Taking Spironolactone With CBD Oil

In our latest question and answer, the pharmacist discusses using CBD oil with spironolactone.


I currently take 75 mg/day of Spirinolactone for cystic acne. Is it safe to use CBD oil while taking spirinolactone? Is there an adverse reaction or contraindication to using the two together? Thank you!

Asked by Sas On Mar 25, 2018

Answered by
Medical Content Reviewed By PharmacistAnswers Staff

On Mar 28, 2018

CBDNote: The legal status of cannabidiol to possess or purchase (in the US) is a muddy topic, and while not listed as a scheduled controlled substance, the US Drug Enforcement Administration (DEA) hasn’t provided a definite answer. Nothing in this answer should be construed as endorsing, approving, or recommending any activity that violates the law.

There do not appear to be any significant drug interactions that you need to worry about between spironolactone and CBD oil.

Marijuana contains hundreds of different compounds, but the big two are THC (tetrahydrocannabinol) and CBD (cannabidiol). CBD oil has skyrocketed in popularity for management of a wide range of conditions and issues. Both THC and CBD alter how your liver metabolizes certain drugs, and so they both produce drug interactions...sometimes significant ones.

However, spironolactone is not metabolized by the enzymes affected by THC or CBD, but by a completely different pathway. That doesn’t mean there is zero possibility of interaction between the two, but nothing that presents a risk to your health. That said, you may want to consider consulting on this topic with the physician who prescribes the spironolactone for you, if you feel comfortable doing so.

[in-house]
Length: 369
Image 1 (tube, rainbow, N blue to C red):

Please keep in mind that CBD oil, even without THC content, can significantly alter the way your liver metabolizes medications and other substances. This may not affect your spironolactone prescription, but it would be a wise move to check the interactions on any medication you are taking or plan to take while using CBD oil. While CBD oil itself is relatively benign, it can greatly increase or decrease the metabolism of other medications. This can result in your blood levels of that medication going too high (producing side effects/toxicity) or too low (resulting in reduced effectiveness).

Feel free to ask us again if you need more info. Thanks!

About the Pharmacist

Dr. Randall Higgins Pharm.D

Randall is a Doctor of Pharmacy and drug information specialist. His experience as a pharmacist has taken him from retail to specialty infusion and intrathecal pump management. His interests include pain management (particularly non-opioid), substance abuse, addiction and chemical dependency, and drug/non-drug approaches to these areas. He's also extremely interested in finding better ways to provide people with information on complex and often confusing healthcare topics in a way they can understand and relate to.

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